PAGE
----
Cadets at VMI wear a form of uniform 24 hours a day.  When they have some time off and go uptown to Lexington, they are still in uniform.  They react to the bugle to rise in the morning, assemble for formations, and to end their day.  They march parades to morning and evening meals after honoring the National Colors.  The are accountable for their status, personal conduct, dress, and military bearing at all times.

I hear all the time how VMI is not the military.  I think we may be more military, at times, than the Military.
 
Sad Duty

Too often we have had to bury Brother Rats who have fallen on the Field of Honor.  We try to support any way we can, but always try sending a Cadet presence.
Brother Rat

In the fall of their second class year, VMI Cadets join their Brother Rats in a ceremony called Ring Figure where they receive their VMI Class Rings.  These rings are intricately designed to represent the history of the Institute on the "Institute Side" and the history of the class on the "Class Side."  The Chaplain reminds Classes each year that they should be reminded of who and what they are and represent each time they slip on the ring.  I think this must be what takes place from the young men and women I have met wearing one.

The year after I began working this job, the Class of 2004 honored me by adopting me as their Honorary Brother Rat.  I consider my VMI Ring equal to my CIB and Master Wings, and it will always tie me to this school and to the class.  I told Jason, the class president, on the evening of Ring Figure, that I would be proud of the fact that I would no longer be able to render a proper hand salute.
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New Cadet Military Training (NCMT)

NCMT grew from the good idea of a Cadet from Sweden to introduce more Military Training into the VMI Experience.

I was approached by the Commandant and Cadet Magnus Nordenman right after I arrived (Fall 2001) to look into the possibility of starting up the program.  The Supe was sold on the idea, and Commandant wanted it, but nobody else wanted to touch it.  I might have been the new guy, but, TRAINING!!  Now this was something I knew. 

Magnus and I chose some hard-chargers within the Corps and built a cadre of trainers.  We chose 12 days in the second semester, during Military Duty, for the training, and then chose our Minimum Essential Tasks.

We chose Marksmanship, First Aid, Land Navigation, and Survival Skills and started the program in the Spring of 2002.  What started out as a shoe-string program has grown into a tradition of solid training followed by a tough evade and escape exercise in the George Washington National Forest before summer furlough.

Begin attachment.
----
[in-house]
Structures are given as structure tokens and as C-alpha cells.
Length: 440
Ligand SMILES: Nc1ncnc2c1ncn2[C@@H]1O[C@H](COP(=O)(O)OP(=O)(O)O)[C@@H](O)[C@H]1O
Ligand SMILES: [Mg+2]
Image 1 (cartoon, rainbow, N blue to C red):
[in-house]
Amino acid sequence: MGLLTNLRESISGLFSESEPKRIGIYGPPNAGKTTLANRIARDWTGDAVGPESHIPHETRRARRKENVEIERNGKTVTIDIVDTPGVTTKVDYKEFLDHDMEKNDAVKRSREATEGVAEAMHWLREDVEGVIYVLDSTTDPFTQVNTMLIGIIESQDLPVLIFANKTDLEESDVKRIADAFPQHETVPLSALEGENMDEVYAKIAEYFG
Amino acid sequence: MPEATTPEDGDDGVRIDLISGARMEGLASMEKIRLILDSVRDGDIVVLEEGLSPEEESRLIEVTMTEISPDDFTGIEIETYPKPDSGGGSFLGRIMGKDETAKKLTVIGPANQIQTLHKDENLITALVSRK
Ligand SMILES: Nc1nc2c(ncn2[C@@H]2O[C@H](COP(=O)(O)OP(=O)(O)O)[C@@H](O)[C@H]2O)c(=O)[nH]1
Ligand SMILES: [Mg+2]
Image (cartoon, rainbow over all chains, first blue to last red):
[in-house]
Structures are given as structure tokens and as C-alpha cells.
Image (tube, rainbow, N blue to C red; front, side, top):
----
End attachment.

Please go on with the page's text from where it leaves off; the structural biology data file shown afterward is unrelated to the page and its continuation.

Magnus Nordenman '02, the Father of NCMT, with Commandant (2000-2008) Eric Hutchings '77

Proof that the best ideas come from inside the Corps, Magnus applied to VMI expecting a real military experience.  What he got was learning how to wear a uniform, learning how to march, and taking four years of Army ROTC.  There was no core military curriculum being taught and Cadets were leaving VMI having never fired a rifle.  He prepared a short brief on his idea and briefed the Commandant, who sent him to the Superintendent.

This is His program and I consider it my honor and duty to keep it going.  It is a Cadet run, taught, and led program; all I do is resource it and check on it to keep it in-between the white lines.
Special Events

One of the great things about my job is the opportunity to take Cadets all over to support special events and represent VMI off Post. 

We've assisted in ceremonies honoring two Vice Presidents, two Secretaries of State, Queen Elizabeth II, Prince Andrew, in London for the opening of the Jamestown Exhibit and a State Dinner, and the World Premier of Gods and Generals.  Each year for 5 years I chaperoned Cadets at the Old Dominion Cotillion and the Norfolk Azalea Festival.  Cadets support dozens of patriotic events around the nation each year.
Little John II

Built in 1958, Little John is our cannon that we fire at football games and at other events on and off Post.  It is manned by an all volunteer crew of Cadets.

I picked up this duty with the passing of a long-time VMI employee who had been supervising the club for about 20 years.
Trap and Skeet

A few Cadets approached me a while back about using the DeButts Trap and Skeet out at VMI's McKethan Park.  I got permission to use it, had Coach Thorp teach me how to set up the range and turn on the machines, bought some rounds and clays, and then a few of us went out and shot.  It was a blast.

From there we began working on a Club team proposal for the folks in Cadet Life and we've had a team ever since.  We compete locally with like teams from Kentucky, Virginia Tech, Virginia, Radford, Delaware, Yale, George Mason, James Madison, Army and Navy.